Given the legal responsibility and leadership role of the Government of Canada, we have called on the federal government to establish an accountability mechanism and to, in cooperation with the provinces and territories, develop a national gender equality plan so that we can move forward in a coordinated and strategic way to fully implement women’s human rights and advance women’s equality. British Columbia’s commitment and cooperation will be crucial to ensure that implementation is meaningful for women in our province.

The CEDAW Committee recommends two mechanisms for implementation of the Convention rights and treaty body recommendations:

  • WCL-MMIW-shareable-300x300 Campaign calls on BC government and official opposition to "step up for Women's equality"an effective mechanism for ensuring accountability and the transparent, coherent and consistent implementation of the Convention on the Elimination of All Forms of Discrimination against Women throughout all jurisdictions (at para 11); and
  • a comprehensive national gender strategy, policy and action plan that addresses the structural factors causing persistent inequalities for women and girls, including those who are Indigenous, Afro-Canadian, racialized, disabled, immigrant, refugee and LGBTQ (at para 21).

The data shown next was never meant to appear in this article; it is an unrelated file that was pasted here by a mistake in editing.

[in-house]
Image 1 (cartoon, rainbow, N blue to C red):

Coordinated, robust work to advance women’s equality is particularly timely in light of burgeoning attacks on women’s rights and dignity globally. We urge you to publicly commit to take a leadership role and lead British Columbia to provide a model for other provinces by working with the federal government to take progressive, determined action to implement the CEDAW Committee’s concrete and detailed recommendations. We need action now that demonstrates British Columbia’s genuine commitment to fulfilling women’s human rights.